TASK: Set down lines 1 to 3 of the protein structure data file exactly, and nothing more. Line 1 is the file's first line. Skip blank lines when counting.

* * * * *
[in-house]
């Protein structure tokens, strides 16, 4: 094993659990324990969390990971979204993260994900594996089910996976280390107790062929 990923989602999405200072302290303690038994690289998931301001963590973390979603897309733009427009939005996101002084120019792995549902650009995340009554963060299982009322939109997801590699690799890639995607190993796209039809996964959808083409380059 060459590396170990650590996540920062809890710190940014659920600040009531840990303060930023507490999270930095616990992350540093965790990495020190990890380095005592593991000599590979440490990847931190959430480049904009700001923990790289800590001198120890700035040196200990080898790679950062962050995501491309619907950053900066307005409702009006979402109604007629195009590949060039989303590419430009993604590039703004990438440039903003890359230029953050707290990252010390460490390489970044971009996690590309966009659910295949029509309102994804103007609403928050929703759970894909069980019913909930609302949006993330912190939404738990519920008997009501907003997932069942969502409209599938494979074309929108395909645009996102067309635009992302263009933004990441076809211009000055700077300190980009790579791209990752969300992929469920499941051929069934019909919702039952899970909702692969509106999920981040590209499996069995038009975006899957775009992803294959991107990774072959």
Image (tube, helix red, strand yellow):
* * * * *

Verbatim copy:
[in-house]
């Protein structure tokens, strides 16, 4: 094993659990324990969390990971979204993260994900594996089910996976280390107790062929 990923989602999405200072302290303690038994690289998931301001963590973390979603897309733009427009939005996101002084120019792995549902650009995340009554963060299982009322939109997801590699690799890639995607190993796209039809996964959808083409380059 060459590396170990650590996540920062809890710190940014659920600040009531840990303060930023507490999270930095616990992350540093965790990495020190990890380095005592593991000599590979440490990847931190959430480049904009700001923990790289800590001198120890700035040196200990080898790679950062962050995501491309619907950053900066307005409702009006979402109604007629195009590949060039989303590419430009993604590039703004990438440039903003890359230029953050707290990252010390460490390489970044971009996690590309966009659910295949029509309102994804103007609403928050929703759970894909069980019913909930609302949006993330912190939404738990519920008997009501907003997932069942969502409209599938494979074309929108395909645009996102067309635009992302263009933004990441076809211009000055700077300190980009790579791209990752969300992929469920499941051929069934019909919702039952899970909702692969509106999920981040590209499996069995038009975006899957775009992803294959991107990774072959």
Image (tube, helix red, strand yellow):